Monday, May 27, 2013
Chinese artist Ai Weiwei is debuting in Venice this week "six fiberglass dioramas that depict, at half-scale, his often banal daily existence as a captive of the vast [Chinese] government security apparatus."
"Their task was to reconstruct scenes from Mr. Ai’s illegal detention in 2011, when he was held for 81 days in a secret prison guarded by a paramilitary unit."
"The dioramas were quietly transported out of China — Mr. Ai declined to say exactly how — to Venice"
New York Times - "An Artist Depicts His Demons"
Sunday, May 26, 2013
Tesla wired the funds to repay the DOE loan today. Only US car company to have fully repaid govt teslamotors.com/about/press/re…
— Elon Musk (@elonmusk) May 22, 2013
"Not so fast, Tesla," says @chrysler comm chief, re claims it's first to repay U.S. govt. @teslamotorsbit.ly/14zB6sJ #shortciruit
— Chrysler (@Chrysler) May 23, 2013
As many have already noted, @chrysler is a division of Fiat, an Italian company. We specifically said first *US* company.
— Elon Musk (@elonmusk) May 23, 2013
More importantly, @chrysler failed to pay back $1.3B. Apart those 2 points, you were totally 1st detroitnews.com/article/201305…"Asked to respond to Mr. Musk’s contention that Chrysler Group LLC is not an American company, [Chrysler Senior Vice President Gualberto] Ranieri, in a telephone interview, said: “I don’t have any response to that. Chrysler Group LLC is the company of Walter Chrysler, and it speaks for itself for what it does.”
— Elon Musk (@elonmusk) May 23, 2013
When asked if he could expand on that, Mr. Ranieri added, “I love espresso ristretto, so I don’t have anything more to add.”"
New York Times - "Tesla vs. Chrysler: Who's on First?"
Gawker - "Warren Buffet Joins Twitter, Can Fuck With Stock Prices In Real Time"
Saturday, May 25, 2013
New Yorker - "Poker Face"
by Jonathan Nolan (screenwriter of The Prestige, The Dark Knight, The Dark Knight Rises, Interstellar; younger brother of director Christopher Nolan)
"We don't live in the information age. That would be an insult to information, which, on some level, is supposed to inform. We lie in the communication age. Ten billion fingers fumbling away, unautocorrecitng e-mails, texts and tweets; each one an opportunity to offend, alienate, aggrieve, all in public, and at light speed. The misinterpretation age.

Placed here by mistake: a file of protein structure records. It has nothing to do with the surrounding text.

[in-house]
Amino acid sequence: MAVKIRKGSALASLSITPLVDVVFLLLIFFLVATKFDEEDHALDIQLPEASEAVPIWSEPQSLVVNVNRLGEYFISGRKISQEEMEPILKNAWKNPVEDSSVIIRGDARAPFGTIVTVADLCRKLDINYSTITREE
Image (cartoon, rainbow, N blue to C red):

Take the language itself. Texting in English is like propelling a gilded horse-drawn carriage onto the interstate. Subtlety, nuance, and ambiguity were luxuries of a less frantic era. And irony, a supposed hallmark feature, has become an invisiable, odorless menace. Someone--presumably someone with a healthy sense of the stuff--made it harder to detect by strangling the irony mark (⸮) in its cradle. Irony now condemns us all to imagine that every e-mail or text might actually, secretly, be poking fun at us.
Not long ago, I noticed that a friend had found a work-around to the growing irony blight; he ended almost every sentence, in every e-mail, with an exclamation mark. Astonishing! I had, up to this point, imagined that everyone had a tiny velvet bag of exclamation marks, hidden somewhere behind the dresser, to be taken out and used only on special occasions: one apiece for the birth of your children; a choice few to chase off a carjacker. In the misinterpretation age, however, there’s no time for hoarding resources. Applied liberally, the exclamation mark takes the stink of sarcasm off e-mail. A sentence without one is suspect. Slippery. Ambiguous. “Thanks.” But a sentence suitably equipped becomes honest, enthusiastic, courageous. “Thanks!” I no longer felt secure sending an e-mail with fewer than five of the things; a row of smart little hammer-and-nails smashing flat any chance that the reader might misunderstand.
The exclamation mark led me, inevitably, to the emoticon. I offer no regrets. Enabling the emoji keyboard in my smartphone was like tumbling down a softly carpeted flight of stairs and into a sparkling happy party in which every sentence was understood. No harm, no foul, no worries. I simply mixed and matched parenthesis and colon, semicolon, etc., to convey the exact emotional subtext. Entire sentences could be expressed in emoticons. Not just faces. Little pictures of handguns, dog shit, poison. No wonder the pharaohs rules for three thousand years; their written language left no room for ambiguity.